With a morphological approach, children are taught about the units that make up words (like we've been doing in Child Language recently with morphemes like -s, -ed, -ing , -er, -ist and -est):
Dr Victoria Devonshire, of the Department of Psychology, trialled a new method of teaching reading and writing with 120 children aged five to seven and found the average reading age increased by 14 months after just six months. She said: ''We were surprised at how compelling the results were.
''When children were taught to understand why English works the way it does, we saw a leap in their ability to learn to read and write.
''The written word is about conveying meaning, not the sound of speech. Expecting children to just figure out the rules of our language is worryingly common and it isn't helping them become as proficient and confident as young children in many other languages.''
Phonics has been promoted by successive governments as a means of rapidly improving children's ability to decode the sounds of English, but it's come in for some stick because - as we can all see with words like plough, through and cough - the spelling system in English isn't regular or even very logical. The introduction of phonics testing at Key Stage 1, where nonsense words like wib or vog (or even our old favourite, wug) are given to children to read has provoked yet more concern among many literacy experts, because - they argue - it's articifial and pointless to give children made-up words out of context when readign is not just about individual sounds or words, but about making sense of words and sounds in their specific contexts.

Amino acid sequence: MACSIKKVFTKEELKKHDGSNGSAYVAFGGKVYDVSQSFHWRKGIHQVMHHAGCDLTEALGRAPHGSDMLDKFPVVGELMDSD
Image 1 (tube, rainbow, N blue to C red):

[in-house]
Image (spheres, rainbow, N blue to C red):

The fact that some people who are quite close to government advisors are set to make a few quid out of phonics schemes is also a cause for scepticism among critics of the phonics-or-bust approach, but plenty of research suggests that phonics can help some children; the argument is not really about if it does but how and why and also in which contexts.
So, what about teaching morphology as this research suggests? It's not necessarily a new approach; back in 2006, Terezinha Nunes and Peter Bryant published Improving Literacy by Teaching Morphemes, which looked at work done in schools to promote the study of morphology as a means of improving spelling and reading. What Victoria Devonshire is doing sounds really interesting and it sounds like it will add another dimension to literacy teaching. Hopefully, there'll be more information about this approach to come out.